“The Lyme Boss” embraces holistic approach to healing
by Heather Gray, aka “The Lyme Boss”
I entered this world with a unique set of challenges that would set the course for my lifelong health journey. At just four years old, I had a rather peculiar start when I found myself spending so much time on the potty that my feet fell asleep – the beginning of my health adventure.
My journey began with chronic constipation at the tender age of four, a perplexing issue that left even experienced doctors baffled. Their solution? They handed me thick, unpleasant oils and a stash of stool softeners as if that were the remedy for a constipated toddler.
Nobody seemed interested in uncovering why a four year old was dealing with such a problem. They were solely focused on addressing the symptoms.
Meanwhile, the backdrop of my life featured its own share of drama. My dear uncle took the stage with a tragic suicide at the age of 18, a loss that hit me hard as he had been my childhood companion. This added an extra layer of early childhood trauma to my life, compounded by being raised in an environment marked by addiction and alcoholism. It felt like the perfect setup for celiac, the autoimmune disease which I believe had its roots in my early years when most kids were simply learning to color with crayons.
The SAD Diet
Fast forward a few more years, and there I was, fully embracing the “Standard American Diet,” affectionately known as the SAD diet. Coupled with my unresolved early childhood trauma, a dysfunctional gut, and an autoimmune condition, I became the ideal host for an uninvited tick that transmitted Lyme disease to me when I was 13.
Two more years down the line, and my symptoms finally took center stage as Lyme disease made its grand entrance. This marked the beginning of a challenging chapter in my life, punctuated by several suicide attempts. At the age of 15, I found myself in a psychiatric ward for the first time.
Unfortunately, doctors seemed more interested in managing symptoms than exploring the underlying reasons behind a 15-year-old’s desire to escape from this world. Their solution was to prescribe antipsychotics and antidepressants before sending me on my way.
During this tumultuous period, my right knee occasionally swelled to three times its normal size. My gut issues persisted, and I often dozed off at my school desk due to extreme fatigue. Brain fog, depression, and anxiety became my constant companions, and the “migrating pain” typical of Lyme disease only fueled suspicions that I was becoming a hypochondriac.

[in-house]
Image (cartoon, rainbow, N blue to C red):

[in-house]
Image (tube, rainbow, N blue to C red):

I lost count of the number of doctors and practitioners I consulted during those years.
Intensifying health struggles
Fast forward yet again, and my health struggles intensified following the birth of my first child. Brain fog and exhaustion reached new heights, yet medical professionals brushed them off as “mommy brain” without further investigation.
My symptoms also tended to worsen in the week leading up to my menstrual cycle, a common occurrence in women with Lyme disease, often accompanied by feelings of despair and occasional thoughts of suicide. During these challenging times, my mother, colleagues, friends, and ex-husband often played the role of my support system, talking me through these dark moments.
Around the time my child turned eight or nine, things took a turn for the worse, and my friend who was a therapist encouraged me to seek help once more. She recommended a practitioner in Denver who might hold the key to understanding my health challenges.
To my surprise, within just five minutes of our initial meeting, this practitioner seemed to have a breakthrough. This marked the beginning of my Lyme disease journey, finally giving a name to the relentless monster that had haunted me throughout my life.
I can still vividly recall driving home to Loveland, Colorado, tears streaming down my face, and shouting at the top of my lungs, “I told you I’m not crazy.” In fact, that phrase has become the working title for a future book: “I Told You I’m Not Crazy: The Realities of Lyme Disease.”
The challenging journey
But as anyone who’s dealt with Lyme disease knows, receiving a diagnosis is just the first step in a challenging journey. I had no idea of the rollercoaster ride that lay ahead. At that time, the primary documentary on Lyme disease, “Under Our Skin,” was perhaps too intense for a newly diagnosed individual. I thought Lyme was a death sentence and I was scared, lost, and confused.
I initially followed the conventional Western medicine route, involving numerous antibiotics, and also introduced herbal remedies and anti-malarial drugs into my treatment plan.
What struck me during this period was the lack of attention to essential aspects of my health, such as regular bowel movements, stress management, and dietary choices. Going to war against a body that had been ailing for decades without addressing these foundational elements felt like a death sentence, and at times, I genuinely feared for my life.
However, this seemingly dire situation ultimately led me to change course. I decided to become a Functional Diagnostic Nutrition Practitioner and expanded my knowledge by becoming certified in DNA analysis, mold assessment, bioenergetics, and somatic experiencing work.
It was when I embraced a holistic approach, addressing the mind, body, and spirit, that true healing began. Remarkably, I’ve remained free of relapses for over three years. Today, I live a fulfilling, joyful, and productive life, cherishing the invaluable lessons I’ve learned on this challenging journey. Lyme disease tried to break me, but it couldn’t extinguish my spirit. There is hope!